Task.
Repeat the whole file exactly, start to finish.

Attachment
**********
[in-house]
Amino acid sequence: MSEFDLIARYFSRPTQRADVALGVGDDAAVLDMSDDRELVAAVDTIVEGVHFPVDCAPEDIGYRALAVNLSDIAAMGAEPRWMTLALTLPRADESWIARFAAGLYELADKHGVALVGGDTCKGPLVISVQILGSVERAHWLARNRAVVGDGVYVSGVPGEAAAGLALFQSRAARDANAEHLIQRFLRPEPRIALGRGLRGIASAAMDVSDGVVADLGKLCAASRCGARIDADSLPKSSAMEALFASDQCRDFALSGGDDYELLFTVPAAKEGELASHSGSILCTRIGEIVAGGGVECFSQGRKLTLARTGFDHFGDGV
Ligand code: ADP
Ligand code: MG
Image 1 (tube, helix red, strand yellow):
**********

[in-house]
Amino acid sequence: MSEFDLIARYFSRPTQRADVALGVGDDAAVLDMSDDRELVAAVDTIVEGVHFPVDCAPEDIGYRALAVNLSDIAAMGAEPRWMTLALTLPRADESWIARFAAGLYELADKHGVALVGGDTCKGPLVISVQILGSVERAHWLARNRAVVGDGVYVSGVPGEAAAGLALFQSRAARDANAEHLIQRFLRPEPRIALGRGLRGIASAAMDVSDGVVADLGKLCAASRCGARIDADSLPKSSAMEALFASDQCRDFALSGGDDYELLFTVPAAKEGELASHSGSILCTRIGEIVAGGGVECFSQGRKLTLARTGFDHFGDGV
Ligand code: ADP
Ligand code: MG
Image 1 (tube, helix red, strand yellow):